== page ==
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Fran Blinebury

Darren Collison says the pressure situations he faced at UCLA have helped him this season.
Layne Murdoch/NBAE via Getty Images

With Paul out, Hornets push Collison to grow up quickly

Posted Mar 17 2010 9:56AM

As the games go whizzing past like mile markers outside a speeding car and the hopes of reaching the playoffs fade into the rear view mirror, all that Darren Collison has to hold onto is the journey.

This isn't exactly the ride he expected when he arrived in New Orleans as the 21st pick in the 2009 Draft. Not being thrust into the lineup when All-Star Chris Paul's latest injury required knee surgery on Feb. 4.

Collison has responded with 19.5 points, 10 assists and 1.7 steals per game as a starter, while shooting 49.3 percent, 82.4 percent on free throws, good enough to be named Western Conference rookie of the month for February.

"I never doubted for a minute that I could play in the NBA," Collison said. "But I didn't really think it would happen this way, this soon, this fast. I figured that I'd spend the whole season working with Chris, backing him up and getting some playing time.

"Then the injury happened and Chris was out and it was time to just get out there on the floor and play. I didn't really have time to think about it. There was a job to do."

The 6-foot Collison prepared for this job with what might as well have been four years in the mines under hard-nosed coach Ben Howland at UCLA, where everyone is expected to get down and dirty. The Bruins made three trips to the Final Four during his college career, putting him in plenty of big games and plenty of high-pressure situations.

"It was an intense atmosphere, no question about it," Collison said. "It wasn't the kind of team where you were allowed to take games or plays easy. The idea was to go all out all of the time that you're on the court and that really prepared me for the NBA."

The Hornets understood the importance of having not just a placeholder in reserve at the point guard position, but someone who could keep his foot down on the gas pedal in the event that Paul was lost for any length of time.

"It's a big loss when Chris is hurt obviously," said Hornets coach Jeff Bower. "It's such a crucial position. That's the reason why we did make the selection with Darren. We knew how important that role was with us and it's proven to be exactly that. We had a lot of confidence in Darren, but we didn't draft him to be in this role. But to his credit he's made the most of it."

Collison handed out a New Orleans rookie record 18 assists and scored 17 points on Jan. 30 when the Hornets ended Memphis' 11-game home winning streak. Just last week he exceeded that mark by dishing 20 assists while scoring 16 points in a win over Golden State. In between he hung up a triple-double with 18 points, 12 assists and 13 rebounds against Indiana.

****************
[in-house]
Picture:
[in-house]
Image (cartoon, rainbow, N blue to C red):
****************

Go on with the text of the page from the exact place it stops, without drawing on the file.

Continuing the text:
After tumbling off their pedestal as a 56-win team two seasons ago, the money-conscious Hornets could greatly trim their payroll by dealing Paul and giving Collison the full-time job. But that might mean closing down shop, since Paul is the face of the franchise. Or they could deal the rising point man Collison in order to get Paul more help.

But Bower insists neither of those are options.

"We weren't trying to replace Chris and didn't expect Darren to do that," Bower said. "Darren has used his skills and talents really well within our team and made the most of the opportunity and what we're looking forward to when Chris gets back is using both of them as we go forward."

While Collison often looks comfortable running the show, no less an authority than Paul knows the problems facing a rookie point guard.

"It's real tough," said Paul who has traveled with the team during his rehab process. "On one hand you're a rookie and on the other hand you're the man in charge. A lot of times a lot of things go unsaid, because you don't want to get on guys, the veterans. It's a process I went through and now it's something he's going through. I keep telling him to be more assertive than he is. But as much as I tell him that I want him to do it, I still understand that he's a rookie."

Collison says it's attitude and actions more than any words that have enabled him to fit with the starters.

"They've got to see that you want it as much as them," he said. "You've got to make right decisions in the game. No pity when things don't go well. No foolish decisions. They've been playing this game for a long time and you've got to make veteran decisions to fit in with them.

"There are so many sets you have to know along with the personnel. You have to constantly talk, communicate a number of things. But it's nothing that you haven't done through your career as a point guard. Any point would know that they've been doing those things since you were born.

"In the end, they've got to see that you're working on your game, show them that you want it. You can't fool anybody out there. They can see and tell whether you belong or not."

The veterans let him carry the game plan on the court, yet they still make him tote a special piece of pink Barbie doll carry-on luggage for road trips.

"It's the price I pay for being the new guy," Collison said. "I'm still a rookie."

But growing fast.

Fran Blinebury has covered the NBA since 1977. You can e-mail him here.

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